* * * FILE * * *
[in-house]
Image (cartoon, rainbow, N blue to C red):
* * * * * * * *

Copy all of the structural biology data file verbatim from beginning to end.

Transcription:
[in-house]
Image (cartoon, rainbow, N blue to C red):